Solv­ing the law firm gen­der gap prob­lem

Finweek English Edition - - INSIDE - LAU­REN STILLER RIKLEEN

For decades, stud­ies have demon­strated that male part­ners at Amer­i­can law firms earn con­sid­er­ably more than their fe­male coun­ter­parts. Even when the data are con­trolled for such vari­ables as bill­able hours, se­nior­ity and law firm size, the gen­der gap per­sists. Yet, for years, women have com­prised 40-50% of law school stu­dents in the US – which means this is not sim­ply a pipe­line is­sue; this is dis­crim­i­na­tion.

The Gen­der Eq­uity Task Force of the Amer­i­can Bar As­so­ci­a­tion (of which I am a mem­ber) was cre­ated to rec­om­mend ways to elim­i­nate gen­der bias in the le­gal pro­fes­sion, with a par­tic­u­lar fo­cus on the dis­par­ity in com­pen­sa­tion be­tween male and fe­male part­ners. In a re­port re­leased this month, Clos­ing the Gap: A Road Map for Achiev­ing Gen­der Pay Eq­uity in Law Firm

Part­ner Com­pen­sa­tion, we de­tail how the roots of pay in­equity run deep. The easy an­swer – that women earn less on a com­par­a­tive ba­sis be­cause of the im­pact of their fam­ily re­spon­si­bil­i­ties – is sim­ply wrong. Women earn less be­cause of un­con­scious bias and a com­plex in­ter­play of fac­tors in the com­pen­sa­tion sys­tem.

The ax­iom that ‘com­pen­sa­tion drives be­hav­iour’ per­me­ates the ways in which part­ners seek credit for gen­er­at­ing busi­ness, a key fac­tor in most law firms’ com­pen­sa­tion sys­tems. Of­ten, that be­hav­iour in­cludes ac­tive ef­forts to avoid shar­ing credit. We pro­pose rec­om­men­da­tions that can be in­cor­po­rated into any ex­ist­ing com­pen­sa­tion sys­tem to elim­i­nate the bar­ri­ers to equal pay for fe­male part­ners. Adopt­ing th­ese mea­sures would not only help women, but would also re­sult in a fairer and more trans­par­ent com­pen­sa­tion process for all. We rec­om­mend that firms:

EN­SURE DI­VER­SITY AMONG THE MEM­BERS OF THE COM­PEN­SA­TION COM­MIT­TEE. Re­search shows

that hav­ing just one or two women on a de­ci­sion-mak­ing body can lead to mi­nor­ity par­tic­i­pants be­ing marginalised. By con­trast, stud­ies show that com­pa­nies with more women in key lead­er­ship roles and board po­si­tions out­per­form their com­peti­tors. DE­VELOP SYS­TEMS TO PRO­MOTE FAIR AND AC­CU­RATE AL­LO­CA­TION OF CREDIT. It ’s im­pos­si­ble to pro­vide fair com­pen­sa­tion un­less there are sys­tems in place to dis­cour­age client hoard­ing, pro­mote cross­mar­ket­ing among prac­tice groups, and in­cen­tivise part­ners to share credit fairly among those who help at­tract and re­tain clients. IM­PLE­MENT FOR­MAL CLIENT

SUC­CES­SION PRO­TO­COLS. When se­nior part­ners re­tire and pass on their client re­la­tion­ships to younger at­tor­neys, fe­male part­ners are fre­quently ig­nored in favour of their male col­leagues. Client man­age­ment in a so­phis­ti­cated busi­ness should not be sub­ject to in­di­vid­ual lawyers’ de­ci­sions about client credit and suc­ces­sion. Clients should have a role in de­cid­ing which lawyers they will work with in the fu­ture. DE­VELOP A PROCESS TO RE­SOLVE AL­LO­CA­TION DIS­PUTES PROMPTLY AND EQUITA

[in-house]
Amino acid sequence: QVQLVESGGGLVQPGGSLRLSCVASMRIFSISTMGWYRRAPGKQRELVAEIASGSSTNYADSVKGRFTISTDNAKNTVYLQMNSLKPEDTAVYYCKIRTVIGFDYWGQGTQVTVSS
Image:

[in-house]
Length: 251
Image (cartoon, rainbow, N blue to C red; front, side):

BLY. Re­search demon­strates that fe­male part­ners are fre­quently ex­cluded from credit al­lo­ca­tion, and have even re­ported be­ing bul­lied and in­tim­i­dated. Firms should cre­ate a di­verse over­sight com­mit­tee to re­view and re­solve credit dis­putes, en­sur­ing trans­parency and ac­count­abil­ity.

TRAIN EV­ERY­ONE IN­VOLVED IN THE EVAL­U­A­TION AND COM­PEN­SA­TION PROCESS. Un­con­scious bias can skew our judg­ments of oth­ers. Train­ing can help in­di­vid­ual’s recog­nise their own bi­ases and can en­sure that

or­gan­i­sa­tions put sys­tems in place to help over­ride the ef­fects of th­ese bi­ases.

EN­GAGE THE CLIENT IN GEN­DER

EQ­UITY. Clients have a tremen­dous op­por­tu­nity to use their eco­nomic power to en­sure that the team work­ing for them is di­verse and that credit is given where it is due. Law f irms should wel­come their in­volve­ment as part of a client re­ten­tion strat­egy that can also help close the gen­der gap . L aw firms will be bet­ter po­si­tioned to weather the dif­fi­cult eco­nomic cli­mate if they cre­ate a cul­ture where eco­nomic growth and inclusive op­por­tu­ni­ties are linked through en­gaged lead­er­ship and trans­par­ent sys­tems. And the equal op­por­tu­ni­ties women have long sought in the pro­fes­sion will fi­nally be­come a re­al­ity.

Lau­ren Stiller Rikleen is the pres­i­dent of the Rikleen In­sti­tute for Strate­gic Lead­er­ship and the ex­ec­u­tive-in-res­i­dence at the Bos­ton Col­lege Cen­ter for Work & Fam­ily. The author of End­ing the Gaunt­let: Re­mov­ing Bar­ri­ers to Women’s Suc­cess in the Law and Suc­cess Strate­gies for Women Lawyers, she is cur­rently writ­ing a book about mil­len­ni­als in the work­place.

© 2013 Har­vard Busi­ness School Pub­lish­ing Corp. © The New York Times 2013.

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